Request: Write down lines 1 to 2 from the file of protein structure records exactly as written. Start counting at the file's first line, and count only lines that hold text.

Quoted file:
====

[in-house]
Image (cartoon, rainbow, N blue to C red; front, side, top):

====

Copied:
[in-house]
Image (cartoon, rainbow, N blue to C red; front, side, top):